Eight people are facing lengthy prison terms for their roles in a residential burglary ring that targeted vacationing newspaper subscribers, with sentencing scheduled Nov. 21 for five defendants who entered no contest pleas and Dec. 3 for three men convicted at trial.
Randal Joseph Whitmore, 45, is facing up to 19 years in prison. He was convicted of six counts of residential burglary, four counts of receiving stolen property and one count each of conspiracy to commit residential burglary and conspiracy to receive stolen property.
Duane Vantuinen, 53, was found guilty of seven counts: one count each of conspiracy to commit residential burglary, conspiracy to receive stolen property, receiving stolen property, being a felon with ammunition and possession of a controlled substance, and two counts of being a felon with a firearm. He faces up to nine years behind bars.
Edwin Lynn Valentine, 54, was convicted of one count each of conspiracy to commit residential burglary and conspiracy to receive stolen property. Valentine has two prior strike convictions and is facing 31 years to life in state prison, according to the District Attorney’s Office.
Whitmore, Vantuinen and Valentine are set to be sentenced Dec. 3.
The other five defendants pleaded no contest before the case went to trial.
Joshua Ray Box, 44, is facing up to 40 years in state prison after pleading no contest to all counts, including conspiracy to commit burglary, conspiracy to receive stolen property and multiple counts of residential burglary and receiving stolen property.
Lorraine Marlene Vasquez, 41, pleaded no contest to one count of residential burglary and multiple counts of receiving stolen property. She is facing up to 10 years in prison.
Cory Mulligan, 23, and Brian Thomas Duran, 43, who each pleaded no contest to one count of residential burglary and three counts of receiving stolen property, and face up to eight years in prison.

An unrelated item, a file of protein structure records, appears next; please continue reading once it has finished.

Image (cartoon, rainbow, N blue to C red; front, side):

Margaret Mary Susan High, 30, pleaded no contest to a residential burglary charge and is facing up to six years behind bars.
Deputy District Attorney Mark Inaba said credit for taking down the burglary ring went to the Los Angeles County Sheriff’s Department, which led joint investigations involving the Riverside and San Bernardino County sheriff’s departments and police departments in Arcadia, Burbank, Glendora, Monrovia and San Gabriel.
Glendora police began unraveling the burglary ring after a June 2012 traffic stop of one of the defendants’ cars turned up Los Angeles Times vacation hold lists that included subscribers’ addresses and the dates they were out of town.
The ring stole more than $1 million in electronics and other items were taken in nearly 20 residential burglaries in Los Angeles and San Bernardino counties over a nearly two-year period beginning in December 2011.
The Los Angeles Times made changes in its delivery policies after being made aware of the crimes, a spokeswoman said last year.
— City News Service